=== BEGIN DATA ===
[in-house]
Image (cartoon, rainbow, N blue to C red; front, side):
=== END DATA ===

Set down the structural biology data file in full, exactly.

[in-house]
Image (cartoon, rainbow, N blue to C red; front, side):